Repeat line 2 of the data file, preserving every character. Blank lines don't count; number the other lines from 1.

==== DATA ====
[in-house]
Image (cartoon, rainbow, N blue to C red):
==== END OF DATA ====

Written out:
Image (cartoon, rainbow, N blue to C red):